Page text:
Wendy Welcott is a twenty-year-old woman with autism, a creative talent for writing, and a passion for the TV show Star Trek. She is like the motto of the U.S. Postal Service “Neither snow nor rain nor heat nor gloom of night stays these couriers from the swift completion of their appointed rounds.” She knows where she wants to go and she is determined.
Uncontrollable physical events in the past must be overcome. Wendy has goals to achieve.
Wendy lives a routine life in an Oakland, California group home. She has a daily routine. She gets herself through the streets of the city and has a job at Cinnabon.
She helps a co-worker who bets on her unfailing knowledge of Star Trek. She drives other Trekkies crazy with her bottomless correct answers to utterly obscure questions. She gets a cut of the bets. Wendy learns that Paramount Pictures is holding a Star Trek screenplay competition to celebrate the franchise’s 50th anniversary, and writes a 500-page script for a Star Trek movie. When she realizes that the postal service cannot deliver her script on time in Los Angeles She decides to take things into her own hands and deliver it herself.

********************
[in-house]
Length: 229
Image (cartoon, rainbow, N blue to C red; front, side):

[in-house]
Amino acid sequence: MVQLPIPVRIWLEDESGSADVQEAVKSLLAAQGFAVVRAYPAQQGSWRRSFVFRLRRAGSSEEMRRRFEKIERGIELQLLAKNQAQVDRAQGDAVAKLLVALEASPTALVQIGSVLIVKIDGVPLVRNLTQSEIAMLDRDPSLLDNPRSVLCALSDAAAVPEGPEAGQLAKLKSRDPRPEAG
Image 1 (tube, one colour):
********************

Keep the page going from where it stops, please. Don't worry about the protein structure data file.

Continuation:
People like Wendy and care for her. Even when a couple rob her, the young mother apologizes. Little by little Wendy overcomes her autism as she deals with one experience after another.
The cavalry, Wendy’s sister Audrey (played by Alice Eve), caregiver Scottie (played by Toni Collette), and Scottie’s teenage son, Sam (played by River Alexander) are coming to the rescue.
Wendy’s plan begins to unravel when during one escape the wind takes many of her script pages. Following on her heels, Sam recognizes them and saves them.
The L.A. police finally catch up to Wendy. Officer Frank (played by Patton Oswalt in a surprising cameo) talks her into surrendering.
Wendy is reunited with her sister, her caregiver and meets Sam who had recognized the lost manuscript pages and saved them.
The story is an adventure. We care about almost everyone we meet on the journey. Does Wendy achieve her goal . . . well, yes and no. We are pulling for Wendy from the beginning to the end . . . and beyond.
When Sam meets Wendy he tells her he really likes the story.
Watch the official trailer – imdb.com/video/vi3232544793
I really enjoyed the film, the characters and the empathy. It was as funny as it was sad.
The film is based on the play by Michael Golamco, who also wrote the script for the play Please Stand By. I would love to read that script. After I saw this film, I noticed that Prime had at least six films about autism. We could all stand to learn more about this disorder. Autism is characterized by difficulty in interactions and communication with others.
For more information on Please Stand By – imdb.com/title/tt4652650/
The views expressed in this article are the writer’s own.